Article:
Conference Brings Marketers to Sea
Of course, the Marketing Forum's location -- on board P&O Cruises' Adonia, a newly refurbished liner -- may have had something to do with it. The Adonia had all the amenities of last year's conference location -- Queen Elizabeth 2 -- though it lacked some of the old-world charm.
Seldom has a captive audience enjoyed more. Earnest meetings and sessions were followed by black-tie dinners, music, dancing, gambling and late-evening strolls on the decks in the cool breeze off the coast of Atlantic City, NJ.
"Even though the economy may not be showing obvious signs of a recovery, there's a feeling nevertheless that corporations have gotten back out there to do business," said Caroline Hunt, New York-based president of Richmond Events. The forum's Web site is www.marketingforum.com.
This year's forum drew vice president and up-level marketing executives from Agfa Corp., American Express Corp., AOL Time Warner Inc., BMW of North America Inc., Capital One Financial Corp., DaimlerChrysler, Southwest Airlines Co., Disney Consumer Products, Hewlett-Packard Co., ExxonMobil, IBM Corp., Nike Inc., Nintendo of America and Pepsi-Cola Co.
Attending for free, these marketing executives had to guarantee half-hour prearranged briefings with supplier companies that sponsored them. This year's conference boasted supplier executives from many ad agencies, focused on branding, direct, database, media, ethnic, public relations and event marketing.
Among those sponsors were Campbell Mithun, Carat North America, Critical Mass, Castells & Asociados, Direct Partners, DVC Worldwide, Fleishman Hillard, Formula PR, Kerker, Kern Direct, The Martin Agency, Mediaedge:cia, One to One interactive, Quigley-Simpson, Range Online Media, Tapestry, Unity Media Inc. and Starcom MediaVest Group.
Other non-agency suppliers included Yahoo, Redwood Custom Communications, Oxford Strategic Marketing, John Brown Publishing, Hallmark Loyalty, The Gator Corp., Ask Jeeves, Bloomberg LP and AcuPoll Research Inc.
Some suppliers were fatigued by the back-to-back meetings of non-stop hard sell. Others simply were delighted with the chance to get the undivided attention of marketing executives who normally are hard to reach. Richmond estimates an average supplier had 31 meetings.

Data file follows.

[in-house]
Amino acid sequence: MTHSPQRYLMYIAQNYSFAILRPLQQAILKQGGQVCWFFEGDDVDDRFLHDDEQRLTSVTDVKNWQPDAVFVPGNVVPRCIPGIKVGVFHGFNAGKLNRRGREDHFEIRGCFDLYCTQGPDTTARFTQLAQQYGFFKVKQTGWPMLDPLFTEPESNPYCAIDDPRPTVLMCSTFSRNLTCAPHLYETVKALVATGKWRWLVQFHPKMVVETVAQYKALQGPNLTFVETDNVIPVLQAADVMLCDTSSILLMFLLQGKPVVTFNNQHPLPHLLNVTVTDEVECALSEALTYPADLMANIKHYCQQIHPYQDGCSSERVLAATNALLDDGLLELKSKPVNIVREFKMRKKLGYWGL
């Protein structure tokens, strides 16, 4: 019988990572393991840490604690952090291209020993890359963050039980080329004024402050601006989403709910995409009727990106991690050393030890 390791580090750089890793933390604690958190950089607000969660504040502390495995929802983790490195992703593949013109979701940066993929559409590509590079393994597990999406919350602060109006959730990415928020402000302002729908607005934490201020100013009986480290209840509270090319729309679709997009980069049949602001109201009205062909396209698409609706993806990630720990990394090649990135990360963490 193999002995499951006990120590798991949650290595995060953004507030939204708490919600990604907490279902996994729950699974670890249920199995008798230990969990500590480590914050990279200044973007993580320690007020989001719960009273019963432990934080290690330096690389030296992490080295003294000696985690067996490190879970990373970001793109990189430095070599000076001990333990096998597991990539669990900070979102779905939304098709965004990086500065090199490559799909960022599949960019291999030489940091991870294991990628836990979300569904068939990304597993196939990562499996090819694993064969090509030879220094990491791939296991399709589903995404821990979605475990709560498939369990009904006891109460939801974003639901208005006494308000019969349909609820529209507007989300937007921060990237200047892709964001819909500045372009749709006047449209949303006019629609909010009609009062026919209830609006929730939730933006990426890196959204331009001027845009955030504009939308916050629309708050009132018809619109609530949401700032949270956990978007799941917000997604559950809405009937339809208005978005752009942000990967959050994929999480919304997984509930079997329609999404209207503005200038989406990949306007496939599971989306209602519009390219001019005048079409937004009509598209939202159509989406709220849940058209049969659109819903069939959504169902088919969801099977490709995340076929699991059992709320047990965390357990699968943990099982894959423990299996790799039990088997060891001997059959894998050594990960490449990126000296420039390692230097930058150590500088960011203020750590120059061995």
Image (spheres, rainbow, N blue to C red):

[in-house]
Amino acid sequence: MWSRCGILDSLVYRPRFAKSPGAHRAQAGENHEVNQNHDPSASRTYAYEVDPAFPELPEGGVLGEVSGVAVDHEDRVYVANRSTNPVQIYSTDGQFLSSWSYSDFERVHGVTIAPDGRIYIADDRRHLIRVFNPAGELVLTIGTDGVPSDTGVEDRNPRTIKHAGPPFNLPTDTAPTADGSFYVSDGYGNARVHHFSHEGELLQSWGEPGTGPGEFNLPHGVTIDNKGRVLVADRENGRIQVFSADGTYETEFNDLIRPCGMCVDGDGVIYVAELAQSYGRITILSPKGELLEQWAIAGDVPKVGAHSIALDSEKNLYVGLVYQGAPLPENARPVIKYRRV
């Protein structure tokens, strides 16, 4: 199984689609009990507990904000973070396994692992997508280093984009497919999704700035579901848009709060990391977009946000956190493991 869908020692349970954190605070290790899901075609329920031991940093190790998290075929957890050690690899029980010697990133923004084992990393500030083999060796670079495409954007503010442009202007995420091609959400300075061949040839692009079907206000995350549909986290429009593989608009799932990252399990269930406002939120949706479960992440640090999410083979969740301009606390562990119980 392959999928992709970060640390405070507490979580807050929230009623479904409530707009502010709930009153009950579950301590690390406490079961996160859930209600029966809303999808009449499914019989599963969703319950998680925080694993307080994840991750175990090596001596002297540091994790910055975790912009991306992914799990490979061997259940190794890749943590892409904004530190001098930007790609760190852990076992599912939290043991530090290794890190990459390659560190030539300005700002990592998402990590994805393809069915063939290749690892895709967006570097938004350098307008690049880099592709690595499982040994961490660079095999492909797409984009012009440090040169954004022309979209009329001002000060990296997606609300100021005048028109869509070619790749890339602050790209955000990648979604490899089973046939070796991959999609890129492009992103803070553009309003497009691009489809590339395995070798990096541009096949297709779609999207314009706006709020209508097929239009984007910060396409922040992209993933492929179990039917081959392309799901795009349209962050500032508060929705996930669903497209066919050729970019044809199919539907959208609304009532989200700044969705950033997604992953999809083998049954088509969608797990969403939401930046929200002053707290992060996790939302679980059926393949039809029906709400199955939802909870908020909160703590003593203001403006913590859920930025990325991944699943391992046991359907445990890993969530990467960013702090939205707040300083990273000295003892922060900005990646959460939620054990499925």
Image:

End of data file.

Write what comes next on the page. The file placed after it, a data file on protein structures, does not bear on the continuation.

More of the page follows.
"I would say that the bulk of my leads have been good, and the benefit is that those who we've selected really have a need for what we offer," said Gerald A. Bagg, president of Quigley-Simpson, a Los Angeles agency making its first appearance on the Marketing Forum.
And is there a chance the meetings will pay off for suppliers?
"I think it's a good networking opportunity, and hopefully it'll provide business leads to a lot of people," said Kathy Martinez, manager of multicultural marketing at Southwest Airlines, Dallas. "It's been very productive from a client's side because we don't pay for this.
"I think there's some leads that will result in cross-promotions or future partnerships where we have two interests that are similar."
Her reaction was typical of many marketing executives who promised no immediate business but a continuing dialogue and a shot at being short-listed.
When not engaged in listening or pitching, forum attendees sat through sessions on developments in market research, getting more from agencies, television advertising, product placement, branding and media fragmentation.
Many sessions, however, were devoted to multicultural marketing, especially the rapidly growing Hispanic demographic. One session was named "Marketing to the New Faces of America," and another disclosed the contents of a new multicultural market report.
Even a case study on Dodge TV commercials touched on ethnic marketing in a presentation by Julie Roehm, director of Dodge communications at DaimlerChrysler's Dodge Car & Truck division.
"It's not lost on us," she said. "We're spending a great amount of money and time in targeting the Hispanic community, African-Americans and the Asian community. But we're especially focusing on the Hispanic community."
Heavyweights opened and closed the conference. Sir George Martin provided recollections of his time as producer of The Beatles. Gen. Norman Schwarzkopf, hero of the first Persian Gulf War, began the affair with comments on leadership.
"When placed in command, take charge," Schwarzkopf said, adding that people must do what's right and that character matters.
He often received standing ovations for his many frank statements. On Defense Secretary Donald Rumsfeld and his reforms for the Pentagon, Schwarzkopf said, "Rumsfeld isolates people. He's very aggressive. Rumsfeld is forcing something down the throat of the armed forces."
His thoughts on Saddam Hussein, Osama bin Laden and their ilk were no kinder.
"Forgiveness is God's business," he said in response to a question from the audience. "My job is to arrange the meeting as soon as possible."